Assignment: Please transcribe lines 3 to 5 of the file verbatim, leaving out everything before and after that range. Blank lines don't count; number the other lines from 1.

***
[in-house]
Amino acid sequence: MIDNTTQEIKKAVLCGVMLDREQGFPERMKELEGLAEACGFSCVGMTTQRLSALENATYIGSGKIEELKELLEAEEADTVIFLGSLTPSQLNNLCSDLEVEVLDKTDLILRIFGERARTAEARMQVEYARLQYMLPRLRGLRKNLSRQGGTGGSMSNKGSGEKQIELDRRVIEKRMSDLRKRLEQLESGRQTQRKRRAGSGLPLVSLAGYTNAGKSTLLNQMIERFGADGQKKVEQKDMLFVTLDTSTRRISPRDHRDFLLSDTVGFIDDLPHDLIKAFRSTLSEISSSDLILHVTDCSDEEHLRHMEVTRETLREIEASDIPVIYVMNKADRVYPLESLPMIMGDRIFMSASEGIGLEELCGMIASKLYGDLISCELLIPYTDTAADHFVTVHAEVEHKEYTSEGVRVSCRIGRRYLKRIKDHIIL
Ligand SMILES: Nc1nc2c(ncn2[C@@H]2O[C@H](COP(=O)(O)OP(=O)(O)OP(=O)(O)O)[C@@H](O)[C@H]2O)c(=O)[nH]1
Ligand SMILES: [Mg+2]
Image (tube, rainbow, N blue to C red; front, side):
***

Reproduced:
Ligand SMILES: Nc1nc2c(ncn2[C@@H]2O[C@H](COP(=O)(O)OP(=O)(O)OP(=O)(O)O)[C@@H](O)[C@H]2O)c(=O)[nH]1
Ligand SMILES: [Mg+2]
Image (tube, rainbow, N blue to C red; front, side):